Gear from inside our toughbox. I have contacted AndyMark in the hopes of finding out why the gear was destroyed like this. Both our toughboxes had the same problem. Looks like using toughboxes on our drivetrain might not be feasible.
Did you properly lube the gearbox prior to testing?
I’ve heard of similar experiences with both the 12 and 14T this season.
Related questions that spring to mind are if you checked that the output shaft turned freely before powering the motors, if you were running the motors through an appropriate breaker, if you put the e-clip on the output shaft, etc, etc.
Given the super slippery floor this year, I can’t see a freely rotating drivetrain doing this to a toughbox. Nor should you be able to do easily do this with appropriate breaker protection on the drive train.
The only way I can think of for a nice loose drivetrain to do this to a gear is if you have some wicked shock loading on it from your control system going from full forward to full reverse instantly and repeatedly.
This is kinda scary. We have experienced some tolerance issues with the andymark extended output shafts as well which is slightly disappointing. It seems that the hex portion is slightly not concentric with the 1/2" round portion. We are also using the aluminum cluster gears and it will be interesting to see how they hold up. They should be ok since the forces on the drivetrain in this years game are quite low but only time will tell.
You may consider trying the Macro mode on your camera (it usually has an icon that looks like a flower).
Anyhow, we experienced a near identical failure with AndyMark 12 tooth pinions on a CIM motor, mating to an AndyMark 50 tooth gear. We run at +.003" between the theoretical pitch circles. The gearbox rotated freely when assembled, but when running, we noticed wear and steel dust almost immediately. After approximately two hours of running, the teeth were nearly completely gone. Before they wore completely down, they turned to sharp points. We showed several professors of Mechanical Engineering at a local university who were just as shocked and baffled as we were.
It appears the gear tooth profile may not be a true involute curve as it should be. The gear teeth appear to be sliding against one another, rather than more of a rolling contact motion. My best guess is that something is wrong in the gear forming/cutting process, since the application/design we are using these gears in is not different really from any year past, and we have never experienced this accelerated wear before. I’m guessing that the pressure angle is not 14.5 degrees, or the curve is not a true involute.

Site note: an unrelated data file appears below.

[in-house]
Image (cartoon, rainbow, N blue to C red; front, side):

However, I have not looked at it in too much detail, and there may indeed be something wrong on our end. We plan to hardness test the gears eventually, and perhaps harden new ones.
EDIT: We are trying new gears with grease, per Paul’s recommendation. We’ll post here again after more testing.
we have had similar tolerence problems from AM products, we had an extended shaft strip the hex part, it must have not been heat treated.
Thanks everyone for the feedback.
I didn’t assemble the toughboxes, so I can’t honestly say whether it was lubed up or not, but the students (with a mentor) that did it, followed the instructions provided. I still can’t see how packing it with grease could solve this problem, as it seems like the gear is too soft, but I’m no expert.
PS sorry for the poor quality, the only camera I had available was on my phone.
Please listen to this post very carefully:
You must lube this gearbox or you will get the failure shown in your picture!
The Am toughbox uses the same basic gears that was used in the 2005 Kit of Parts. Andy Baker, JVN, and I designed that original gearbox and it also had to be lubricated. They do not need much grease, just put some on the teeth. These gears are plenty hard for our application.
Team 217 has been using these exact gears since 2005 and we have had ZERO problems and we have used them on 3 motor gearboxes and robots with much more power than this year.
By the way, I am an expert as I design gears for industrial robots that have to run 24 / 7 and last for 10 years.
Please, please, please lubricate these gears with grease and you will never have a problem.
We are going to get some replacement gears and make sure our toughboxes are properly greased for the future.
Hopefully this picture will help other teams realize grease is needed before they destroy their gears too.
I’ve worked on cars for years…the gears used in automotive transmissions and differentials are made of very very hard steel, and will last for a very long time with proper lubrication. Without lubrication, they will be destroyed in a matter of miles (I’ve done it myself by forgetting to add oil to a differential on a car I built).
Use grease! add a little more grease if you aren’t sure exactly how much you need.
However you do not want to add so much grease that it goes onto the shafts as our team had learned the hard way. A mentor told some of our students to grease the gears but they greased all of it and the keys on the CIM shafts fell out on all of them almost every time we drove the robot.
They had to be cleaned with rubbing alcohol, but now we have the problem solved.